The surroundings were very atmospheric, much in keeping with the era of the ship.  Colourful stands were set up by the small producers of the wines and other products on board.  Wine tastings were popular both with the public and with members of the wine trade keen to find new suppliers.
The Bristol Oporto Association had a stand inviting visitors to find out more about our twinning link and about the great trading history of Bristol with Porto and particularly with its port and wine trade. We had a great deal of interest over both days with many enquiries about our twinning link.
There are few traditional sailing craft of this type still sailing and being used as a working ship. It is hoped this idea can be replicated in the near future and that we are able to say that Bristol’s  historic link with the wine trade  and with Porto is still alive and well today.


An annual favourite and an opportunity to meet up with other members, BOA friends and family making it a very sociable occasion.      
Any challenge on the weather front can be met, but this year the sun  shone for us and everyone enjoyed the ‘garden games’ of croquet, boules and quoits with plenty of pasteis de nata on hand.

Keep up with these events and others either here or on our Facebook page.

Upcoming events for your diary:

THE QUIZ BUG - Not one but two quizzes this Spring!  Our Association Quiz held at the Eastfield Inn, Henleaze attracted a good number who challenged themselves and on occasion our quizmaster over correct answers. BITA (Bristol International Twinning Association) also held their annual inter- twinning quiz. We may not have won this time but we are proud to have been the only twinning to have fielded two excellent teams.

SUNDAY 9th SEPTEMBER - TREASURE HUNT in Clifton starting from 2.00pm – further details to follow.

TUESDAY 13th NOVEMBER 7.30pm Autumn Wine Tasting at the Undercroft St Mary Redcliffe Church.

Portuguese Gourmet Dinner at the City of Bristol College Autumn Term. Date and details to follow.


Dates are Saturday 8th to Thursday 13th JUNE. A 5 night stay two centre stay in Porto and in Bragança.
We first spend time in Porto staying in the heritage Ribeira area and visiting nearby Aveiro famous for its canals.  We then travel to explore the area of north east Portugal staying in a hilltop pousada.  The itinerary includes a visit to Miranda do Douro and Alfandega, a tour of Bragança, a Douro boat trip and a rosé wine tasting. Places will be reserved on the usual first come first served basis.  Please let Liz Gamlin know if you are interested.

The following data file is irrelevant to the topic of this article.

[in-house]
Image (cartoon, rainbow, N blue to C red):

Bristol now has its very own wine, but don’t worry if you’ve never seen it on the shelves.  At present, there’s just one small problem: the label is missing some key information, so it isn’t legal to sell it in the UK yet.  But I have tasted it!
That was at a wine tasting evening arranged by the Bristol-Porto Twinning Association – a group that fosters links and arranges exchange visits between Bristol and friends in the Portuguese city with whom we have had trading links for many centuries.
The event was hosted by Alan, the owner of Clifton Cellars, one of Bristol’s best independent wine merchants.  He brought along a selection of wines which truly showed how far Portugal has advanced since the days when it was only known for Mateus Rosé. Aklan has an excellent blog about wine here.
The tasting included 2 very different whites: Quinta de Gomariz’s vibrant, citrussy Alvarinho (aka Alboriño) from the Vinho Verde region (£13.99) and Lagar de Darei, a richer and subtly oaked bottle from the Daô made from the local Encruzado variety (£11.98)
Of the reds, Patraô Diogo’s Aragonez- (Tempranillo) based red (£12.85) is a fascinating and rare representative of the tiny Colares region on the coast west of Lisbon.  Its sandy soils have resisted the phylloxera bug and so vines there can be planted on their own rootstocks.  The Vinha da Mouro (£13.50) from the Alentejo showed a lovely southern warmth and richness and brought the evening to a happy close.